Cook v. Hinrichs, 2007 DSD 19
F. ALLEN COOK,
JOHN R. HINRICHS,
Hon. Glen A. Severson; David R. Nelson,
[2007 DSD 19]
United States District Court
District of South Dakota--Southern Division
MEMORANDUM OPINION AND ORDER
Allen Cook, Sioux Falls, SD
August 8, 2007.
PIERSOL, UNITED STATES DISTRICT JUDGE
[¶1] Pending before the Court is the petitioner's application for writ of mandamus seeking to stop his prosecution in Magistrate Court in Minnehaha County, South Dakota. Petitioner seeks leave to proceed in forma pauperis. Having reviewed the petitioner's financial affidavit, the Court finds that he satisfies the requirements to proceed without prepayment of fees under 28 USC § 1915(a). Petitioner will remain responsible to pay the $350.00 filing fee when he is financially able.
[¶2] Under section 1915(e)(2)(B), the Court must next determine whether the claims in the complaint: (1) are frivolous or malicious, (2) fail to state a claim upon which relief may be granted, or (3) seek monetary relief against a defendant who is immune from such relief. Petitioner alleges that the defendants falsely accused him of committing crimes and that the state court lacks jurisdiction over him. He attached copies of three bench warrants for his arrest for failure to appear on the following charges:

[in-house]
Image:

SDCL 32-35-113 FAIL TO MAINTAIN FINANCIAL RESPONSIBILITY
SDCL 32-12-22 NO DRIVERS LICENSE
SDCL 32-5-98 NO PROPER LICENSE PLATES ON VEHICLE
SDCL 99-1-126 MUNICIPAL SPEEDING IN SCHOOL ZONE
SDCL 32-12-22 NO DRIVERS LICENSE
The petitioner's deadline for entering into a plea with the State is August 14, 2007. He requests a writ from this Court ordering that the prosecution cease in state court and that his record be expunged. He also seeks expenses in excess of $8,500 allegedly incurred as a result of the "false prosecution" for these crimes.
[¶3] Rule 81(b) of the Federal Rules of Civil Procedure abolished the writ of mandamus in civil actions in federal district courts. See Fed. R. Civ. P. 81(b); Booker v. State of Arkansas, 380 F.2d 240, 242 (8th Cir. 1967) (abrogated on other grounds, Braden v. 30th Judicial Circuit Court of Kentucky, 410 U.S. 484 (1973)) The Mandamus Act provides that "[t]he district courts shall have original jurisdiction in any action in the nature of mandamus to compel an officer or employee of the United States or any agency thereof to perform a duty owed to the plaintiff." 28 USC § 1361. Thus, this court has no authority to compel action by state officers, including state judicial officers. See, e.g., Veneri v. Circuit Court of Gasconade County, 528 FSupp 496, 498 (ED Mo. 1981) ("[I]t is well settled that federal courts have no superintending control over and are without authority to issue writs of mandamus to direct state courts or their judicial officers in the performance of their duties."). Accordingly, this petition will be dismissed for lack of jurisdiction and for failure to state a claim upon which relief may be granted. Cf. Craigo v. Hey, 624 FSupp 414 (S.D.W.Va. 1985) (sua sponte dismissal of petition for writ of mandamus seeking to compel state court to schedule a case for trial based on frivolousness, and district court notes it lacks jurisdiction).